WETLAND OPENS TONIGHT! Here’s Greg Lindquist on WetLand, Empathy, and Boat Cuisine
Greg Lindquist – artist, professor, and WetLand collaborator – is fashioning a harness out of rope. He secures himself in, ties the other end to a naked beam, and leans back, held firm by the same rope that is lashed around the dozens of hollow, blue drums keeping WetLand’s garden barges afloat on the Delaware River.
These gardens surround a central structure, a post-apocalyptic vision of a house succumbing to rising water, its windows tilted in deference to nature’s torrid, turgid comeuppance. WetLand, which will open to the public on August 15th as part of the 2014 FringeArts Festival, is a floating structure comprised of this crooked domicile and a mess of plants thriving around it, including the series of buoyant barges which support everything from sunflowers to tomatoes. The doomed house is built upon a reconfigured houseboat, which will soon also be home to solar panels, a water filtration system, a chicken coop for egg-laying hens, and a beehive. With these resources, WetLand’s main creator, artist Mary Mattingly, will live on-site, accompanied by a rotating cast of collaborators and artists-in-residence who will stow away at night in WetLand’s angular attic, under a dramatic slope of upcycled plywood.
It is this slope that Lindquist now clings to, drilling neat lines of screws into its surface. His homemade harness is holding him securely to the boat, albeit a boat sculpted intentionally to appear on the cusp of complete instability.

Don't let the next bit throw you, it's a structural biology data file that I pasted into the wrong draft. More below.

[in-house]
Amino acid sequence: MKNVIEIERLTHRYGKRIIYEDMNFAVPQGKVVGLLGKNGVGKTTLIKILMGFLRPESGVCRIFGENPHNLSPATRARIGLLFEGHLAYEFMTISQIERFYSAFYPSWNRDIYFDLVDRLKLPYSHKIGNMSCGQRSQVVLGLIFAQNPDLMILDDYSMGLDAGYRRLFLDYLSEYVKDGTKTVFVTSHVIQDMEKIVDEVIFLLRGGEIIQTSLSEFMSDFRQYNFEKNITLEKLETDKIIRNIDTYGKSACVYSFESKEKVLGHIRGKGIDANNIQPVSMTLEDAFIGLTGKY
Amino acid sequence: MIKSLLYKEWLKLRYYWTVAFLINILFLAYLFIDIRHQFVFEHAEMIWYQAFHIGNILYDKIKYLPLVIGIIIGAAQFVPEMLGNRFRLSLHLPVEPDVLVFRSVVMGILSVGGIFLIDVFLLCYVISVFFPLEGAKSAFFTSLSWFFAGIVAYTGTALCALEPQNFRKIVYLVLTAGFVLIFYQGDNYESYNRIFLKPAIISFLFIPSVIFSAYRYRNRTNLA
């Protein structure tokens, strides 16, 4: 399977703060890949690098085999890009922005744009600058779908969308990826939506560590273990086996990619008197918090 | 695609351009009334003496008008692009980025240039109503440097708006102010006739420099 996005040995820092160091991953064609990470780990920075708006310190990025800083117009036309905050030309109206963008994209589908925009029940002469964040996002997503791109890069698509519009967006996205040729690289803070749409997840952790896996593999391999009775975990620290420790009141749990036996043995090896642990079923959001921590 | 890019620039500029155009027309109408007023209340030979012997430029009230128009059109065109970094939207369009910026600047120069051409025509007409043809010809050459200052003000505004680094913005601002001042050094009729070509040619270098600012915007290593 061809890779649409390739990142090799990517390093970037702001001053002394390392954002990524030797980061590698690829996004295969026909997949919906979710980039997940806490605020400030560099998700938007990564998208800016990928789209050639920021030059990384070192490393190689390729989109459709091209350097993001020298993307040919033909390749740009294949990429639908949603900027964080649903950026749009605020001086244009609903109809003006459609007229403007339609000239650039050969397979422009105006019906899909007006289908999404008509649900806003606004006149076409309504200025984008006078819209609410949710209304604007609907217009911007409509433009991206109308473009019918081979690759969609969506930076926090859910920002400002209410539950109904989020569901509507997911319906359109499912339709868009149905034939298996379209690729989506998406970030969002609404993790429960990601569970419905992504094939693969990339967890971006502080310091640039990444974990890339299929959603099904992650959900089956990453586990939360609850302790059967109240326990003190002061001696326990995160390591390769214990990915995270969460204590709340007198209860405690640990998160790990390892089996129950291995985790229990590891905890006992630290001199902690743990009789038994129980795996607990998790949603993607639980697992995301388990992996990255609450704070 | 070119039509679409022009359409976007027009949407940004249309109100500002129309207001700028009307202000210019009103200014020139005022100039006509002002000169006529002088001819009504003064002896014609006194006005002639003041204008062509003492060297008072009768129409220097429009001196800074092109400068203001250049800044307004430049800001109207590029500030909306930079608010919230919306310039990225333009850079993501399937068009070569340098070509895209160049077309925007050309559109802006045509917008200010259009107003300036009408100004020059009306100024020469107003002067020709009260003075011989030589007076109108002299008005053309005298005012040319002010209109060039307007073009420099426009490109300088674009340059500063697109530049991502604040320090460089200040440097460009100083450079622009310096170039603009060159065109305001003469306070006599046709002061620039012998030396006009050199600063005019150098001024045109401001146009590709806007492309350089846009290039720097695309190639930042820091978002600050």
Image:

Lindquist’s connection to WetLand starts with his relationship with Mattingly, whose early photographic work he came across while working on his thesis at the Pratt Institute in Brooklyn, New York. Lindquist has long been interested in how landscapes can represent social, economic, and political issues, and he was accordingly drawn to Mattingly’s work, which imagines how water usage and flooding might impact land formation. Since then, the two have collaborated on a variety of projects, from a two-person exhibition in North Carolina that Lindquist organized to Mattingly’s Flock House project, in which he made a painting installation. Like WetLand, Flock House involved creating an aesthetically interesting public habitat that makes us rethink the shape of our everydays.
Although Lindquist identifies as more artist than activist, his paintings are always enmeshed in issues and themes that he cares about, worlds of ideas much larger than could ever be expressed. “The one thing that I know about the work I make is that it’s not simply a pretty painting. It has a contextual basis, it has a network of other issues and meanings and enactments of things.” he said. “These series of translations are important because I’m taking a lot of imagery and collating and collapsing it into a two-dimensional work.” This process of rendering is messy but necessary.
“I’ve always been a painter who has been interested in ideas outside of painting,” Lindquist said. He cites a critical reading group that he and Mattingly founded together with some writer and curator friends as one example of his work as an artist extending off the canvas, as something that has “pushed against the idea of painting as being this static, singular, discrete object, a painting on the wall. It’s about everything around it, too,” he said. Lindquist sees his writing, teaching, painting, and collaborating as completely intertwined. “[They] are all the same project, they just happen to not fit within the same frame,” he said. “No pun intended.”
Some of Lindquist’s recent work has focused on an environmental disaster close to his childhood home in Wilmington, North Carolina – a coal ash spill in the northern part of the state that contaminated the Dan River and dredged up the governor’s affiliations with the perpetrator, Duke Energy. “My work dealt with [the question], ‘How do you visualize this in a pleasing, beautiful way that lured people into the issue and then allowed them to engage and be confronted by it in a way that works against the inherent beauty [of the piece]?” Lindquist said. One of his pieces, a 40-foot wide painting of “swirling vortices” of coal ash mixing with river water, embodies a particularly grotesque beauty which both attracts and repels.